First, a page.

Friday, June 25, 2004
State Supreme Court Sidesteps Ineffective-Assistance Claim
Habeas Corpus Held Proper Procedure for Claim That Lawyer-Turned-Jurist Botched Penalty Phase
By KENNETH OFGANG, Staff Writer/Appellate Courts
A capital defendant who claims his original trial lawyer failed to present mitigating evidence in the penalty phase has no constitutional right to offer such evidence at a resentencing ordered as a result of an unrelated error, the state Supreme Court ruled yesterday.
Justices unanimously affirmed the second death sentence imposed on Robert Lewis Jr. But Justice Janice Rogers Brown, writing for the court, noted that Lewis’ complaints about court-appointed trial counsel Ron Slick can still be considered in a habeas corpus proceeding.
Slick, who represented Lewis at his 1984 trial before Los Angeles Superior Court Judge Ellsworth Beam, who has since retired, is now a Los Angeles Superior Court commissioner. Robert Sanger, the Santa Barbara attorney who represented Lewis on his latest appeal, last year filed a 307-page habeas petition that is now pending before the high court.
New Sentencing Hearing
Lewis, now in his 50s, was sentenced to death for the 1983 murder of Milton Estell, who was found bound, gagged, stabbed and shot in the bedroom of his Long Beach home. Lewis was arrested while driving Estell’s Cadillac, which the defendant told police he had purchased from the victim several days before the murder is believed to have occurred.
In a 1990 ruling, the state high court upheld Lewis’ murder conviction but ordered a new sentencing hearing because the trial judge went outside the trial record and considered a probation report in denying the defense motion to reduce the sentence to life imprisonment without possibility of parole.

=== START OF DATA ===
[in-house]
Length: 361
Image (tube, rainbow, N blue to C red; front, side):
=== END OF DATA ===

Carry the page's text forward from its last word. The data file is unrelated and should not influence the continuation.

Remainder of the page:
The court specifically ordered that the new sentence be based on the record of the first trial. Los Angeles Superior Court Judge Richard Charvat rejected Lewis’ claims that he had a constitutional right to present new evidence, declared on the basis of the trial transcript that Lewis was “a hostile and violent man” who had spent most of his adult life in prison or on parole after serving time in the custody of the Youth Authority, concluded that there were no mitigating circumstances, denied the motion for modification of the verdict, and again sentenced Lewis to death.
In the second appeal, Sanger argued that the denial of an opportunity to present new evidence, or at least to allow witnesses who testified at the trial to do so again in person so that Charvat could assess their credibility, violated due process.
Trial Court Upheld
But Brown said Charvat was correct in rejecting the defense efforts to enlarge the scope of the new sentencing hearing. The high court’s remand order left the trial judge with no choice, she said, adding that nothing in the state or federal constitutions requires judges to consider evidence outside the scope of the trial record in ruling on the “unique” death penalty modification motion.
“Even if, as defendant contends, his ‘original trial was a mockery’ because ‘[t]his was a Ron Slick case,’ that fact does not establish any constitutional deficiency in the statutorily regulated procedures of a capital trial,” the justice wrote. “Nor does it excuse enforcement of those procedures.”
Lewis is one of eight former clients of Slick sentenced to death, believed to be the most of any California lawyer since the state’s death penalty was reinstated in 1978. A 1991 Los Angeles Times profile of the lawyer was entitled “The Case of the Speedy Attorney” and reported that his murder trials tended to be much shorter than those of other defense lawyers.
The Lewis trial, for example, lasted three days, while another case had a one-day penalty phase. And a jury trial for first degree without special circumstances—in which the trial judge and the Court of Appeal both later found Slick’s defense to be inadequate— lasted a single day.
Charges in that case were eventually dropped.
The Times story quoted well-known local defense attorneys who had assumed representation of former Slick clients as saying that he had performed poorly and was more concerned with ingratiating himself with judges than with competently representing the accused. Slick in turn said he could not understand why other defense lawyers put so many hours into their cases.
Slick was appointed a commissioner in 1996 and sits in Compton.
Yesterday’s case is People v. Lewis, 04 S.O.S. 3183.
Copyright 2004, Metropolitan News Company